FIG. 3 illustrates the circuits used in each of the commutating switches. The switch is energized from an appropriate d.c. source as indicated. The associated magneto resistor is connected in series with a calibrating resistor 21. The junction point between these two resistors is connected to the base electrode of a preamplifier transistor 23. The preamplifier transistor 23 is connected to the voltage source through appropriate collector and emitter resistors 25 and 27, respectively. The emitter electrode of the preamplifier transistor 23 is also connected to drive transistors 29 and 31. The transistors 23, 29 and 31 cooperate to form an amplify- .ing means which serves to pass energizing current through the associated stator winding 33 when the amplifying means is driven into a conducting state, or to block the flow of energizing current to the stator winding when the amplifying means is driven into the cut-off or non-conducting state. A Zener diode 35 is com nected across the transistor 31 and its associated collector resistor to protect this transistor from transients.

An auxiliary transistor 37 is also driven from the preamplifier transistor 23. The auxiliary transistor 37 is driven into and out of conduction simultaneously with the transistors 29 and 31. The transistor 37 provides a disable signal that is applied to the preceding switch in the motor.

The circuit of the switch further includes a disabling circuit containing a disabling circuit transistor 39, a series resistor 41, and a controlled rectifier 43. The controlled rectifier, which preferably is a silicon controlled rectifier, is connected to receive a disable signal from the succeeding switch in the sequence of operation.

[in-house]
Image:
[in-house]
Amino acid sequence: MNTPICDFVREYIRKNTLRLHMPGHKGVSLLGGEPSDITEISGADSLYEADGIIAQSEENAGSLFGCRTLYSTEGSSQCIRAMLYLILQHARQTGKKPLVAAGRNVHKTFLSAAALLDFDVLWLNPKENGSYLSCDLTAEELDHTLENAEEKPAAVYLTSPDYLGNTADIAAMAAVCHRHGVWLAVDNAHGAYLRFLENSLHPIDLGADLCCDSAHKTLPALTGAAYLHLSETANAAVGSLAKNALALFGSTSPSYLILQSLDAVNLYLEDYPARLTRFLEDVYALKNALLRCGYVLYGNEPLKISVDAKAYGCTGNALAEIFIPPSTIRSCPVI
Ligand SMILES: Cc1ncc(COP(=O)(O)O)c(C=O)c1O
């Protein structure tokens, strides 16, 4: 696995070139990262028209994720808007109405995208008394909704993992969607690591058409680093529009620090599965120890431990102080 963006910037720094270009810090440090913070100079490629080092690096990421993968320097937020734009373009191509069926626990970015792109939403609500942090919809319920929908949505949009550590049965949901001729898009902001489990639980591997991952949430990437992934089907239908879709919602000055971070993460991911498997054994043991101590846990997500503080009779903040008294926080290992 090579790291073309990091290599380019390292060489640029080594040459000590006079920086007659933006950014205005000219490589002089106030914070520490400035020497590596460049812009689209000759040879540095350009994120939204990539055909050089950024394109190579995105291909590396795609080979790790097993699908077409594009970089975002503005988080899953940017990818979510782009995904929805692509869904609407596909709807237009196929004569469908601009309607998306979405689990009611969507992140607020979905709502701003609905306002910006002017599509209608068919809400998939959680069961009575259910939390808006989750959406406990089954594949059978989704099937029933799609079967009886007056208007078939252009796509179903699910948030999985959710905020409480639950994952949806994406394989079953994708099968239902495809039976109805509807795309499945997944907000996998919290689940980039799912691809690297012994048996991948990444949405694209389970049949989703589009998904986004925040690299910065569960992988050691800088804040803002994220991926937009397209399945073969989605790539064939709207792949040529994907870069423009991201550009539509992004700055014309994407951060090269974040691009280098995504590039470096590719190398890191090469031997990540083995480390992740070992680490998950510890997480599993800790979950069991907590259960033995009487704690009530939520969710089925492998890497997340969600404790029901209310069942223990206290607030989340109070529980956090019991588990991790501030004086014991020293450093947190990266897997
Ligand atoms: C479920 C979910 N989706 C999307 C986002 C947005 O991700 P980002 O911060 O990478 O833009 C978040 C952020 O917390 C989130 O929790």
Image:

When the associated magneto resistor experiences a rise in flux density caused by the approach of a magnetic pole, the resistance of the magneto resistor increases thus raising the voltage level at the junction point and eventually causing the preamplifier resistor 23 to conduct and thereby close the switch so as to energize the associated stator winding.

However, if a disable signal is received from a succeeding switch, this signal will fire the controlled rectifier 43 so as to effectively short out the magneto resistor and clamp the base of the preamplifier transistor 23 to ground level. After the disable signal terminates, the controlled rectifier will remain conductive until the magneto resistor decreases in resistance sufficiently to drop the voltage at the junction point below the extinction voltage for the controlled rectifier.

The series resistor 41 is selected so that the extinction voltage at the junction point occurs when the resistance of the associated magneto resistor drops to a sufficiently low level in response to a suitable low flux density. Similarly, the calibrating resistor 21 is selected so that the voltage at the junction point reaches a sufficiently high level to drive the amplifying means into conduction when the resistance of the magneto resistor increases due to a suitably high flux density.

The operation of the motor may be understood by referring to FIG. 2 together with FIG. 3. Assume that the stator windings are each woundso as to attract the north magnetic pole when the winding is energized. Assume further that the rotor is moving in a counterclockwise direction and is approaching the position wherein the north-south axis is vertical.

At this time, switch 1 will be closed so as to energize stator winding 7. Furthermore, switch 1 will produce a disable signal that clamps the previously energized switch 5 in the open condition. During this time, any trigger signal from the magneto resistor 17 produced by the proximity of the south magnetic pole of the rotor cannot affect the switch 5 since this switch is under control of the disable signal from the switch 1.

As the rotor rotation proceeds, magneto resistor is subjected to increasing flux from the north pole of the magnetized rotor. This causes the resistance of the magneto resistor 15 to increase accordingly. This increase in resistance causes a corresponding increase in the voltage at the junction point in the switch 3 and constitutes a trigger signal that eventually drives the amplifying means in the switch 3 into conduction. in a typical motor, the circuits of H6. 3 may be designed so that switching occurs when the junction voltage reaches about 2.1 volts and the north pole is within about 60 of the corresponding magneto resistor.